The US States With The Highest And Lowest Costs Of Living

In the US, Hawaii is the most expensive state to live in, and Mississippi is the least expensive.

By Kari Apted | Published

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In 2022, the United States had the 26th highest cost of living on Numbeo’s list of 139 countries. Within America, there is a wide variation in how much it costs to live in each state. From the most-expensive Hawaii to the least-expensive Mississippi, there are several factors that go into determining how much it will cost to live in a certain location.

Cost of living describes the amount of money needed to cover housing, food, transportation, healthcare, childcare, and other basic expenses. These figures help people decide where to live. They also help employers determine wages and governments determine who qualifies for certain benefits.

Analysts calculate a region’s cost of living index by first determining a baseline for comparison. For ease of calculation, the US baseline is set at 100. States are then ranked according to how they compare to the baseline.

For example, if a state has a cost of living index of 50, that means it costs about half the national average to live there. If the state has a cost of living index of 200, it costs twice the national average to live there. It’s important to know a location’s number when moving for a new job because a salary that sounds high might not actually be generous if it will cost you a lot to meet basic expenses.

World Population Review is a non-political independent organization that provides cost of living data. “The average American household spends $61,334 a year to cover their expenses,” according to their website. “Americans spend an average of $1,784 a month, nearly 35% of their income, on housing.”

Annually, the average American spends $9,826 on transportation, $7,317 on groceries and eating out, $5,177 on healthcare, and $4,441.92 on utilities. “The average family of four in the United States requires $68,808 a year to cover their basic necessities like shelter, food, healthcare, and childcare,” the website says. However, the median household income in the United States falls short, at $67,521 a year.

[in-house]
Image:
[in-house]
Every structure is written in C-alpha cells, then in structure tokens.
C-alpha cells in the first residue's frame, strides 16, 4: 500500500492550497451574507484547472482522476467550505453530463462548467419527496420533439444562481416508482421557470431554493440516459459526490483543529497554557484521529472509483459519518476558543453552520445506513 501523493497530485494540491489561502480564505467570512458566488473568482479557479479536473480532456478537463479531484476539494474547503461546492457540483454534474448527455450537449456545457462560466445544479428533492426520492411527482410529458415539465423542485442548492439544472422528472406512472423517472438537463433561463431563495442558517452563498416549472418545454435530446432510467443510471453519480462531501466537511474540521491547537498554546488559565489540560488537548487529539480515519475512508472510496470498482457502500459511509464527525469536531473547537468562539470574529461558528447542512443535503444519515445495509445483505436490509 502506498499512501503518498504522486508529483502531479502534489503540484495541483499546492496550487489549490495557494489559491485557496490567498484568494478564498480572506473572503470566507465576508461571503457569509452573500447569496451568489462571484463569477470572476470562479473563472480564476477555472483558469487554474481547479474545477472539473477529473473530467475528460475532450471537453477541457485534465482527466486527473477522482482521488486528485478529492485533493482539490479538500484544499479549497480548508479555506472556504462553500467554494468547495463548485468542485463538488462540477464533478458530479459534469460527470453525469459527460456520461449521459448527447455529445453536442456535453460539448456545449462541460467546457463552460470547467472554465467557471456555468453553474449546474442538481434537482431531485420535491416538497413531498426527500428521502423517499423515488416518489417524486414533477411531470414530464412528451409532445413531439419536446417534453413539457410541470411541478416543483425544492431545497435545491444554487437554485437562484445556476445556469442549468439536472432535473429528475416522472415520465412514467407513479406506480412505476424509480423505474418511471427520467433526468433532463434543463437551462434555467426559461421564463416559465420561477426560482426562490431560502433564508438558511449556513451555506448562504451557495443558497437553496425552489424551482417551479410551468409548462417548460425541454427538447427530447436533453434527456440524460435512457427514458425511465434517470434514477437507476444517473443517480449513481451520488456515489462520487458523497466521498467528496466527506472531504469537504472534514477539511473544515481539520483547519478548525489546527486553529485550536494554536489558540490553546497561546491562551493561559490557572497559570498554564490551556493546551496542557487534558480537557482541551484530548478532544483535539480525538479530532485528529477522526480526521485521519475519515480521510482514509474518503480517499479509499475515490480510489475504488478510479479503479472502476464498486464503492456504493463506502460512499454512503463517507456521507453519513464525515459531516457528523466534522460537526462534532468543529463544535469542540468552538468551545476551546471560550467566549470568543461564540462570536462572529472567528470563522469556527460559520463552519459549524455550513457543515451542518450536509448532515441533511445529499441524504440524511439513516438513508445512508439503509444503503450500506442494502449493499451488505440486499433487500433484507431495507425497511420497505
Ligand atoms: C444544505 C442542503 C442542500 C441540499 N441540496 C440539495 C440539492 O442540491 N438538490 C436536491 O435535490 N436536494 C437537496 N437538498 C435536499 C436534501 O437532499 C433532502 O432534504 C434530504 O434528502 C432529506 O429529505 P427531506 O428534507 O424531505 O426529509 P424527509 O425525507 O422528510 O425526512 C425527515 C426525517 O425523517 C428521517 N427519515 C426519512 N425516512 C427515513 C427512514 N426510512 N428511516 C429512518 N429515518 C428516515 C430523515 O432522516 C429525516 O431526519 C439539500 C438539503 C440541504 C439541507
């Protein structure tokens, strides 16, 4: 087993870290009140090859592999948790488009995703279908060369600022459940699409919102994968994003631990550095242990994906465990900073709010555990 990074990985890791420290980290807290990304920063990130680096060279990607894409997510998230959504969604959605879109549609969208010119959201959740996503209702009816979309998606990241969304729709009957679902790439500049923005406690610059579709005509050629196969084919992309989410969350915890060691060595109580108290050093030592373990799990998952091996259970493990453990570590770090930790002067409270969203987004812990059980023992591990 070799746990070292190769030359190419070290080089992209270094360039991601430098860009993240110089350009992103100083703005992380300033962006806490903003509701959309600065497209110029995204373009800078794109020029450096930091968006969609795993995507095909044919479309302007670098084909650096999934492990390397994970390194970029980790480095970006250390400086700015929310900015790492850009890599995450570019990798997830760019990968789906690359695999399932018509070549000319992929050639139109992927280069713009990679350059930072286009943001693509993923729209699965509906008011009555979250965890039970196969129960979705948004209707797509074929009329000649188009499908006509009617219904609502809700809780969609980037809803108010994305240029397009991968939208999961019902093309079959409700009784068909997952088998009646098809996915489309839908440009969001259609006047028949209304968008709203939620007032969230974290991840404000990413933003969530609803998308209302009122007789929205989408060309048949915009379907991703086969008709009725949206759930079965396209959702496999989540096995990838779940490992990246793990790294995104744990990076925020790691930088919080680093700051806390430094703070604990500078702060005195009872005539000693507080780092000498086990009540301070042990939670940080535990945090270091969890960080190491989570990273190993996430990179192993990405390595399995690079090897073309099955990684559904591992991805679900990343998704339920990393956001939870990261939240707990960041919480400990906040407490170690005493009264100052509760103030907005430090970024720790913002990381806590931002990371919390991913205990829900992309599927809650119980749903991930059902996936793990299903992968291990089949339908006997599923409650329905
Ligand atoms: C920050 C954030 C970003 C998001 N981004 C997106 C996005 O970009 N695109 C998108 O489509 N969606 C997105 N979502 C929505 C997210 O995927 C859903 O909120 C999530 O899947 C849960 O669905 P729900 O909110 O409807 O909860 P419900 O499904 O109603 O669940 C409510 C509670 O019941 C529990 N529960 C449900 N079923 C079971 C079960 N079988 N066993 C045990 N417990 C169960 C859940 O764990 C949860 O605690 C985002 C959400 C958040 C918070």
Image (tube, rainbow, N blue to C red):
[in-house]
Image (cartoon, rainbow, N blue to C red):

A glance at the cost index map on World Population Review shows the United States in various shades of yellow, the middle hue on the map’s color key. The redder the state, the higher its cost of living. The only dark red state is Hawaii, which at 193.3 is nearly double America’s average cost of living.

New York has the second-highest cost of living in the US at 148.2. California follows closely behind with an index of 142.2. The following states complete the top ten list of those with the highest costs of living: Massachusetts (135), Oregon (130.1), Alaska (127.1), Maryland (124), Connecticut (121.6), Rhode Island (117.2), and Vermont (117).

At the other end of the spectrum, Mississippi has the lowest cost of living in the US at 83.3 percent of the national average. Kansas is the second least expensive at 86.5. The following states complete the top ten list of those with the lowest costs of living: Oklahoma (87.9), Alabama (87.9), Georgia (88.8), Tennessee (89), Missouri (89.8), Iowa (89.9), West Virginia (90.5) and Indiana (90.6).

Of course, an increasing number of people, especially retirees, are finding the cost of living in the United States prohibitive. If even the least expensive American states still feel too expensive to you, there are other options. You could always Cut the Crap & Move to Costa Rica, a tiny, tropical nation that fell near the middle of Numbeo’s global cost of living list.